Basic Income and Employment Reality

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Written by Tony Dickey Hits: 1210
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    Elizabeth HazelThe mass expansion of living subsidies isn't a cause but a reaction to problems. Mechanization & computerization eliminated a hell of a lot of jobs for low-skill workers. Mechanized agriculture and the development of mass, industrialized farming profoundly changed the US. In 1910, something like 80% of the population was employed in farming; now its only a tiny percentage. Family farms are mostly a thing of the past.
    Computerization & automation also eliminated jobs. Then that was exacerbated by large corporations shipping jobs to places where wages were lower and the work force not unionized. This has had very negative effects on employment without much in the way of return benefits.

    Overseas manufacturing isn't a panacea, either. Some companies are bringing manufacturing back to the US because there's a more highly skilled labor force. The engineering time-gap is becoming a problem. Consumer appliances change very quickly now. It can take a year or more to change a product that's made overseas, but only a few months to re-tool in the US. Overseas manufacturers are problematic because of language barriers, lower production values, and the inability to guarantee that parts will follow specifications. If the part isn't made correctly, some overseas companies won't replace it for free, even if the mistake is clearly their fault. Shipping costs are astronomical, too. US companies are starting to realize that overseas manufacturing savings are to a great extent illusory.
    But in the meantime, the high unemployment and underemployment is destroying the consumer-based economy. Hence the growth of government subsidies to the underclass. The vast majority of food stamps are used by the working poor, not the unemployed. And there's a big under-employment problem too. Many of the working poor DO have college degrees - they just can't get work in their fields of study.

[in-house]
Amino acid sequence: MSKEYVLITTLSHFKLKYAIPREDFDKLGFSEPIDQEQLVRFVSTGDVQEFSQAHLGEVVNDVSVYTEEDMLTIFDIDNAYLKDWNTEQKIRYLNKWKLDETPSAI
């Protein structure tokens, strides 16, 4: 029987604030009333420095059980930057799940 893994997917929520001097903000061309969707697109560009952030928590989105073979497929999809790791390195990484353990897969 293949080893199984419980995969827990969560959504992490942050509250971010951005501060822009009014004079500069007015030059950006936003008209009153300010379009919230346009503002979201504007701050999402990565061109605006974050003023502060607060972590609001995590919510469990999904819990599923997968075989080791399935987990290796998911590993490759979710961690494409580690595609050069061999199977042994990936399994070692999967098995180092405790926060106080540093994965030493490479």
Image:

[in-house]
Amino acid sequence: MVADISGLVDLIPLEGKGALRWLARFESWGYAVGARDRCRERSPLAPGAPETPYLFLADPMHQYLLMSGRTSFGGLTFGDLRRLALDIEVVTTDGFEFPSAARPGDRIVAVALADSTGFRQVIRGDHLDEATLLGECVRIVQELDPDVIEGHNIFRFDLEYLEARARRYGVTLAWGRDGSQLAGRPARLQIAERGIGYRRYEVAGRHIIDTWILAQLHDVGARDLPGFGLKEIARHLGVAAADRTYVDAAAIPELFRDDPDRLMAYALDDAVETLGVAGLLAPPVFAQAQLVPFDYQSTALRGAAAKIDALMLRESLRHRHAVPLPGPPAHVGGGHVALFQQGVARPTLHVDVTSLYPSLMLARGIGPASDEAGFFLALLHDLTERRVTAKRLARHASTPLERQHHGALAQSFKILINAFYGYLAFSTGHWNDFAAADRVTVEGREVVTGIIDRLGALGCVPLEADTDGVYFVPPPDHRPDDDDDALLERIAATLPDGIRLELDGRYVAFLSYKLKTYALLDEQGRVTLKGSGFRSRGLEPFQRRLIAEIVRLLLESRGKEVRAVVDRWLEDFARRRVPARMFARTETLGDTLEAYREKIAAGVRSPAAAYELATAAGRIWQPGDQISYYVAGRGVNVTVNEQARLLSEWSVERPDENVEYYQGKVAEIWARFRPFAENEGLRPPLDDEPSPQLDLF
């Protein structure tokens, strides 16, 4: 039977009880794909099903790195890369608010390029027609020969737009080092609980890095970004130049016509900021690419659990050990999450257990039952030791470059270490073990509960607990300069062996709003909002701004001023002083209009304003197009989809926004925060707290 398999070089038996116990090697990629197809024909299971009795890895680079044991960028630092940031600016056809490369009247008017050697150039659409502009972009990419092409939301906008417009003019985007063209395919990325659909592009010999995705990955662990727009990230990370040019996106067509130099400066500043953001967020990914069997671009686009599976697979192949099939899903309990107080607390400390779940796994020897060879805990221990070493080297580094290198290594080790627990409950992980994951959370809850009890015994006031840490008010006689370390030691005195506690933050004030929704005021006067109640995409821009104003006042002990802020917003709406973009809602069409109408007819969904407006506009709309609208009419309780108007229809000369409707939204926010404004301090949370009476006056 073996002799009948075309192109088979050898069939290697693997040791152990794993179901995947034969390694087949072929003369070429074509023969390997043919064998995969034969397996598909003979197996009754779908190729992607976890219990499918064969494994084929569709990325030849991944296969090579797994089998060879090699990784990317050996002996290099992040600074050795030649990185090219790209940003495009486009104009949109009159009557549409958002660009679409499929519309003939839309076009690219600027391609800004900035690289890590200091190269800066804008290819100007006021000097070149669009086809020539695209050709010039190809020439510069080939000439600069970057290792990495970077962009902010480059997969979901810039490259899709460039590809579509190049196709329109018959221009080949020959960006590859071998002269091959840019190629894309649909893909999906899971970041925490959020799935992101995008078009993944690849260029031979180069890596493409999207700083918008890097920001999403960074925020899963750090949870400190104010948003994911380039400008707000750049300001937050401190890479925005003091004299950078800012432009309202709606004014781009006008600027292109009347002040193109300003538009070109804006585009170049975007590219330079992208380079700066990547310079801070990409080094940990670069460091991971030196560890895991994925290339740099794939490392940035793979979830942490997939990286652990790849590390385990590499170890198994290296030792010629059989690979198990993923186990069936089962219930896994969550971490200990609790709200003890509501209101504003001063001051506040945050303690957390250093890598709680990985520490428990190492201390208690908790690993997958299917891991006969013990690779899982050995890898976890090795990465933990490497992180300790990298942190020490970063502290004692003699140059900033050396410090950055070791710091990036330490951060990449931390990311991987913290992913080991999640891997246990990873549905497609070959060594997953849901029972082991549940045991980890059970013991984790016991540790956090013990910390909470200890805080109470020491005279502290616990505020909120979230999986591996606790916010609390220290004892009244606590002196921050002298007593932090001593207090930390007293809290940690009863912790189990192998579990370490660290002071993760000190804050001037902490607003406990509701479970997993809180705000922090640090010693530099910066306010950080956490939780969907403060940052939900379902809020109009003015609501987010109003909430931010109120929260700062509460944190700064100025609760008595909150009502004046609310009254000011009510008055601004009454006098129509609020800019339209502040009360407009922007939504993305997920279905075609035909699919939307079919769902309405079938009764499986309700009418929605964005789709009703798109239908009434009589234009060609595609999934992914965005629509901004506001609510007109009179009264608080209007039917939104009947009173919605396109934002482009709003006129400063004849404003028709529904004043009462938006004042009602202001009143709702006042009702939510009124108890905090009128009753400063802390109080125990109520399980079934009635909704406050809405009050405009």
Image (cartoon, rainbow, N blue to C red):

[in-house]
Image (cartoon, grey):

All of which suggests that the current welfare problem doesn't have the same basis as Rome's welfare issues. Assuming that the growth of welfare is going to weaken the national work ethic is prejudicial, because it negates the FACT that welfare is going to the working poor, not to the unemployed.
    This makes welfare a wage issue, less than an unemployment issue. Higher wages would greatly reduce living subsidies. Suggesting that welfare is somehow a corrupting force that will precipitate national collapse ignores the fact that the expansion of demand for living subsidies is a result of corporate, not national, policies. Corporations have done everything they can to ensure that politicians have colluded in their plans to off-shore work, keep wages and working standards low, to prevent regulation of working & wage standards, etc., while also pushing politicians to boost government subsidies of industries, massive tax breaks, and other expansion of government contracts for armaments & privatization of services that in many cases has NOT proven to be an improvement over civil services operations.

    With the corporatocracy & kleptocracy running the political landscape, of course there is going to be massive waste and inequity, repression of green technologies, regulations to protect the environment, universal health care, and a burdening of middle and lower-class taxpayers for the very subsidies that allow corporations to control politicians.

    This is very, very different from the factors that precipitated the fall of Rome.